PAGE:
The Spirit as Paraklete abides in us so we are centred on Jesus, rather than being centred on our egos. It’s a tough job to be decentred from ourselves in a liberating way! — a job only the Spirit can do. 

John is the only New Testament author who names the Spirit as Paraklete. There are other perspectives on the Spirit elsewhere in the New Testament, mainly from the Apostle Paul. 

The Spirit gives us various gifts, he says in 1 Corinthians 12, some to teach, others to help, some to heal but all to build up the body of Christ. 

Or, in Galatians 5 he speaks of the fruit of the Spirit: love, joy, peace, fidelity, gentleness, goodness, kindness, patience, self-control. 

Or in Romans 8, the Spirit bears witness with our spirit that we are children of God. 

These ways of speaking of the Spirit are also relational. They speak of working together to build up the body of Christ, or relating to one another in the love of Christ. Or simply being a child of God.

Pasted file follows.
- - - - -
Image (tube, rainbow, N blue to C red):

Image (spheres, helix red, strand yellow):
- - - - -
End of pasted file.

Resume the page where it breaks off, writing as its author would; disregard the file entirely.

We are people of the Spirit, the Spirit of Christ. The Spirit abides in us, and calls us to abide in Christ. The Spirit brings the things of Christ to life for us and in us. We in turn bring the things of Christ to one another. 

We remind one another of Jesus, we build each other up, whether by word or example. 

We don’t channel the Spirit by appealing to rules and regulations, though they have a place in setting boundaries to our life together. 

We bring the Spirit to one another by allowing the Spirit to mould us into the image of Jesus. 

In this way, we become a community channeling the love of God to the world around us.